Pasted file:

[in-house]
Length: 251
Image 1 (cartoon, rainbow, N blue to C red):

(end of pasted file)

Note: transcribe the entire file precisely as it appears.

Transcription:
[in-house]
Length: 251
Image 1 (cartoon, rainbow, N blue to C red):